5. Lovely tribute for Boz, who sounds like quite a man. We all need mentors. I was lucky enough to have a good one, and his writing lessons stay with me to this day. Continue to pass on Boz’s legacy.

    • I had a mentor who disappointed me, though. My creative writing instructor in junior college helped me move forward way back in 1972. When my first novel was published in 2010, I went back and found her, still at the college, but in a supervisor’s position.

      I told her how much she helped, and asked if she’d care to blurb or make some kind of comment I could use.

      “I don’t do that. I’m too busy.”

      I’ve been too busy to mention her in any of my talks, inverviews, or writing classes. It’s not hard to be kind, is it?


    • That’s true. I’ve run into only a small handful of former students who told me I nudge them in some way. But that’s all right, there are others I wonder about.

      One is a young warhorse who made a name for herself for two years before entering my class for the first time. She and I had what I call a “come to Jesus” meeting that first five minutes. After I laid down the law, then showed her that I’d immediately follow up on her antics and disrespect, she became a constant presence all day long. She was my “best friend” that year, and I was the only teacher who didn’t have trouble out of her.

      I disremember her name and have often wondered what happened to her. Maybe I helped in some way, far down the road.

      thank you kindly

  6. What a fine and lovely tribute, Rev. I’m reminded of my beloved English teacher in high school, Mrs Marjorie Bruce. She thought she saw some talent in me, and encouraged me all the way through school. I had to go to college to find out I didn’t have what it takes to be a writer, for that’s what they told me there. I kept in touch with Mrs Bruce, however, and when I finally found out I could learn this writing business, I was so pleased to be able to send her a copy of my first novel.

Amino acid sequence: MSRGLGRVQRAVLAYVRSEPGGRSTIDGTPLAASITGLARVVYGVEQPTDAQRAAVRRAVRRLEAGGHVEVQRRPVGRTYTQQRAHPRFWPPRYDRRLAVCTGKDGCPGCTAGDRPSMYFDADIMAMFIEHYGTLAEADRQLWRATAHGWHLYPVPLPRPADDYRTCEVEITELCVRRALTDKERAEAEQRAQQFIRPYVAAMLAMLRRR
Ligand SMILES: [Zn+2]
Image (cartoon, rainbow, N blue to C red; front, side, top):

So when I’ve had the opportunity to coach a wannabe writer, even those who it seems on the surface might not make it, I always try to offer encouragement and a next step. Because step by step is how I learned to do it. And you just never know who has the grit to move on. It’s been gratifying to see so many I’ve had a chance to interact with get to publishable fiction. As that old commercial said, priceless.

  7. It’s sad to lose a mentor at any stage in the relationship, so I can understand and appreciate your loss. My mentor for 30 years was Edith Battles, a 5th grade teacher and Ray Bradbury’s driver to his annual talks at Southwest Manuscripters in Torrance. Her critiques were kind, insightful, and, above all, funny. Pardon and ytpos; i’m haveing a litte trouble seeing, right now,

  8. I’m sorry for your loss. What a great tribute and what a blessing he was to you. Plus it’s heartwarming to hear how you influenced Mark’s life. May he continue to pay it forward. Hugs and peace.

  9. Beautiful tribute, Rev. I’m so sorry for your loss.

    Thanks also for the reminder that everything we say or do impacts others even though we may never know the extent of it. I’m grateful for the parents, relatives, teachers, and friends who have poured into my life over the years and pointed the way forward. I join you in lifting a glass (milkshake, actually) to all those who serve as mentors.